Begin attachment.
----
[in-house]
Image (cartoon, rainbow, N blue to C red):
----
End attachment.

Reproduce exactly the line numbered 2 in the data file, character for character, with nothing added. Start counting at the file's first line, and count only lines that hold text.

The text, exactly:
Image (cartoon, rainbow, N blue to C red):